Yes. Chemistry and chemical engineering. This science has evolved greatly in the past 50 years. We were first alerted to its indiscriminate use in serious efforts to control everything and anything that threatened the outcome of our crops. Today there are many chemicals that, when used properly, are less likely to cause harm to humans, animals and the environment than some ecological techniques and processes.
“A weed is a plant that has mastered every survival skill except for learning how to grow in rows.” ~Doug Larson
Serious Weed Control
If you are serious about vegetable gardening and want to grow them every year, and enjoy your harvest with the least possible physical strain, there are things you can do to make the effort enjoyable. Like any serious endeavor it may require a monetary investment over and above what you shelled out for the basic materials.
If you’ve made the initial investment in soil and seed, plants and fertilizer and selected a plot your going to grow your garden on, then why not take it a few steps farther and rent or invest in a good efficient and reliable mechanized plow such as a roto-tiller to help you get your soil ready for planting. Even if you purchase a used or reconditioned one the cost of it will be returned to you in abundance at harvest time for as long as you own it.
No. I don’t sell roto-tillers, but I know that weeds keep growing back and controlling them is a lot of work that is made easy by the use of a good roto-tiller, or what is more properly called a mechanized plow. With the right attachments. a machine such as this can practically assure you of proper soil preparation and maintenance. This type of soil churning can prepare your soil and help to greatly reduce the weed problems before they exist.
Another way is pre-treatment, such as putting down of a pre–germinating herbicide that can help weeds from ever developing. Just make sure you get the right one. You don’t want one that will adversely affect your vegetable seeds or transplants. Selecting the proper seeds will also help. Try to start with some fast growing shading vegetables with big leaves, like Swiss Chard, Collards or Rhubarb, that will block some of the sunlight that weeds need to develop. Plant them according to the depth charts and give them enough water and fertilizer to get a head start against the weeds. Other natural covers that will help suppress weeds are manure, bark chips, sawdust and leaves. Even with all this preparation you may still get a few. Grab them up early and its still worth the effort.
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Select Plants with Double DutyIncorporating
Opt for plants that deliver on both aesthetic and functional fronts, such as lavender or nasturtiums. The lavender adds purple hues and a delightful fragrance, while nasturtiums are not only colorful but also offer edible blossoms. These types of flora epitomize the essence of an edible, functional garden.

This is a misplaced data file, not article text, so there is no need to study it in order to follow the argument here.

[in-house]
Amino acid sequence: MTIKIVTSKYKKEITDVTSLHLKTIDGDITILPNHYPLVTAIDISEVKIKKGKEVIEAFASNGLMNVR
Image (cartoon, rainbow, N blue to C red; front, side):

Embrace the Art of Design
Incorporating the art of design into your edible landscape allows for a visually rich and practical garden. Experimenting with diverse elements, such as contrasting the fine leaves of dill against the broad foliage of kale, creates an eye-catching tableau that is also ripe for harvesting. With this artistic approach, your edible landscape becomes not just a source of food but a feast for the eyes as well.
Show Off Your Work
Once you’ve crafted your edible landscape, why not show it off? Especially if others are interested in learning more about what you do, hosting a get-together could be a great idea to share information and foster a deeper sense of community. You can even take things up a notch by sending out invitations; use this free invitation maker to stand out and make everyone feel welcome!Thoughtful Clusterings
Adopt a methodical approach to your edible landscape by clustering plants based on their requirements for water and sunlight. Basil and tomatoes are a good pair to grow together, as both thrive in sunnier spots. Through such thoughtful clusterings, each plant enjoys its optimal environment, contributing to a garden that is both lush and fruitful.
Share and Profit from Your Experience
Launching a YouTube channel to share your edible landscaping journey can be both educational for others and profitable for you. Consider making your venture more official by registering an LLC in your respective state. The benefits of establishing an LLC for your venture are manifold. Limited liability shields your personal assets, tax advantages can be substantial, there's generally less paperwork involved compared to other structures, and the operational flexibility allows you to adapt as your business grows. This confluence of benefits makes an LLC an ideal option for turning your passion into a thriving enterprise.
A Space for Mindful Livingfunctional furniture like a bench or hammock takes your edible landscape from merely practical to invitingly livable. These additions offer a place for you to unwind, turning your garden into a tranquil oasis for mindful living. Beyond enhancing your immediate experience, this strategy also adds tangible value to your property. Ultimately, it transforms your edible landscape into both a sanctuary for personal rejuvenation and a wise financial investment.
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